Questions for schools

Any school that is providing an education fit for our connected world should be able to answer Yes to all these questions. If your children' school, or the school you work in cannot answer Yes to all, it is time for you to personally take some action to cause change.

1) Do all staff have and use a laptop or tablet in school? If they don’t it indicates that the school is still circulating information on paper, not online, and is not using digital systems to make the operation of the school and teachers' work more effective and time-efficient. Just purely from the monetary point of view the school could save probably £20,000 a year just on paper. But it is the huge time savings and more effective working for all staff, made possible by good online systems, that really matters.

2) Do all the teachers make use of the school's online platform regularly? This of course assumes the school has and uses an online platform, not just a corporate website updated by others. At the very least parents and children should be able to check what daily homework is set by logging into the school’s online platform. The teachers should also be putting up links and resources to help pupils with homework. If the school does not have effective, easy to update and use, online systems used by all staff and pupils they just haven’t started on the radical improvements in education that can be achieved. Not to mention that the school is not ready to cope with a pandemic or even days when the school is closed due to snow.

3) Can your children use their mobile phones or their own laptop or tablet in lessons? The school will have an acceptable use policy which will probably state that the teachers will tell the pupils whether they can or cannot use these in a particular lesson, but with the expectation that whenever sensible use of personal phones and other devices will be permitted. Schools that are operating with a digital mindset actively encourage pupils to use their own devices, because they are so powerful in aiding learning and organisation of learning. They have also ensured the whole school is covered by a fast wireless network. Primary schools will provide lots of mobile devices in school for the younger pupils and there are plenty of examples of schools that arrange for the older pupils to have their own netbook or tablet that they take home. Any secondary school that has not yet started to ensure all the pupils have their own computer device and home connection is completely failing its pupils.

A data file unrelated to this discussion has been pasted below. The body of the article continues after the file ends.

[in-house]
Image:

4) Does the school network allow access to YouTube? Many school networks are ‘locked down’ stopping teachers and pupils accessing many very powerful educational resources, because the technicians are controlling what happens online instead of the school leadership team. This is despite Ofsted’s Lead Inspector for ICT having publicly stated that school networks should not be locked down. Access will be filtered and managed but should not prohibit access to good educational resources and systems. Youtube is a major educational resources and is the preferred search engine for young people. Asking about Youtube access is the 'litmus test' question that will reveal if the school is unreasonably constraining how teachers and pupils can use online resources.

5) Is there a group of teachers leading development of the use of digital resources and systems? Education is going through a radical change because of the immense educational opportunities of digital resources and the Internet. If there isn’t a group of teachers actively leading how the school responds to these opportunities it indicates the school is not helping the teachers develop their professional skills. It is also likely to mean that the school's digital systems are being dictated by the technical team in the school or by an external authority. All schools are different and need to tailor their approaches to digital to suit their pupils and community, and this needs to be controlled by the educators in the school.

6) Are there groups of pupils who take responsibility for helping teachers and other pupils use digital resources and systems? Many schools involve pupils in managing e-safety, helping teachers with technical issues, training pupils to use the schools systems when they first arrive, and updating the school’s website and online platform. This has huge benefits for both the pupils involved and everyone else in the school. It changes the digital environment from an imposed system to one that young people can feel ownership of.